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Re: How the password could be recover using FTP Explorer's registry!
From: mm290b () NIH GOV (Mark D. Miller)
Date: Mon, 28 Feb 2000 18:48:17 -0500


Actually, this is not an example of insecurity on a user friendly platform.
The Voice Print Password is an alternate password method.  The primary is
the password you type in.  When the voice print password is used, it uses
the typed password to decrypt the keychain.  Since everyone's voice is
unique, there shouldn't be any worry as to security.

---
Mark D. Miller
Distributed Systems Team Leader, Acting
DHHS, National Institutes of Health
Clinical Center, Information Systems Department
10 Center Dr., Rm. 1C290 MSC 1172
Bethesda, MD 20892-1172
VOICE:301-496-4903
FAX:301-480-3843
EFAX:978-231-1278
MYTALK:888-700-9840 x4702
EMAIL:mm290b () nih gov
WEB: <http://www.mark-miller.com/> <http://www.cc.nih.gov/>

From: Roger Fajman <RAF () CU NIH GOV>
Reply-To: IT Security Information <IT-SECURITY () LIST NIH GOV>
Date: Mon, 28 Feb 2000 18:32:09 -0500
To: IT-SECURITY () LIST NIH GOV
Subject: Re: How the password could be recover using FTP Explorer's registry!

== Forwarded Mail ==

Date:         Mon, 28 Feb 2000 04:47:07 -0500
From: Jeffrey Paul <sneak () DATAVIBE NET>
Subject:      Re: How the password could be recover using FTP Explorer's
registry!
To: BUGTRAQ () SECURITYFOCUS COM

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I've been thinking about this issue for a while now regarding Mac OS
9.0.... The "Multiple Users" feature allows different people (up to
40) to use the same machine while keeping preferences and
configuration files and such seperate.  It has a feature that allows
a user to use a 'voiceprint login', that lets you speak a phrase
instead of typing in a password.  It matches it to your 'voiceprint'
(created earlier using four recordings of you speaking the phrase)
and logs you in if it deems a match.

Apple also includes a feature in Mac OS 9.0 called the 'Keychain', a
secure repository for storing passwords in applications that support
the keychain API.  Examples include email clients, filesharing
clients, etc.  The keychain uses 'strong' encryption (I don't have
the details handy, websearch should turn up proper information), but
here's the kicker... when you login using your voiceprint password,
it unlocks (makes passwords available for retrieval) the keychain.
Obviously, setting your keychain password to something other than the
multiple users password for the account would fix this (it prompts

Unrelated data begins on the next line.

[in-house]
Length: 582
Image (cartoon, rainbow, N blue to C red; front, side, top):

for keychain password after login), but this is not the default
behavior. I am wondering how the keychain is decrypted if you login
with a voiceprint instead of a password, as it is not recieving the
key from the user, so the decryption key for the keychain would have
to be stored somewhere on the harddrive. In this case, it would be
the same as the multiple users password, so the multiple users
password must not be properly one-way'd, but simply masked or
possibly even stored in plaintext.....

Just another example of "insecurity in the name of user friendliness", I
guess.


-j


<snip>
Passwords _cannot_ securely be stored locally without encrypting them
with another password that the user must enter.

Even if a "good" crypto algorithm is used, the key to unlock the
"password repository" must be stored somewhere.
Hopefully this is in the user's brain, but since most users cry foul
when they have to remember passwords, this usuall gets stored on the
same insecure hard drive that the "encrypted" secrets are stored,
all in the name of user friendliness.

When the key for decrypting the password repository gets stored,
all you need to do is go find the key and then you can go read all
the passwords.

Let me reiterate: IT IS NOT POSSIBLE TO STORE COMPLETE SECRETS ON
THE LOCAL COMPUTER IF THE LOCAL COMPUTER CANNOT BE TRUSTED.

Solution: Don't write apps that store passwords on the local computer
without using another password to encrypt them.

Workaround: Disable all "remember this password for me" checkboxes
that keep cropping up in all sorts of apps

/Mike



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sneak () datavibe net        -             0xCD91A427
9907 3747 3CE9 11C5 2B1C  F141 D09F 488C CD91 A427
Note: key id 0x299450B6 is lost and inactive.
--------------------------------------------------
Copyright 2000 Jeffrey Paul.
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